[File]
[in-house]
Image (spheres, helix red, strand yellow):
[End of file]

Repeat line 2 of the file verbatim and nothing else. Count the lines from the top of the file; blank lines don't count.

Image (spheres, helix red, strand yellow):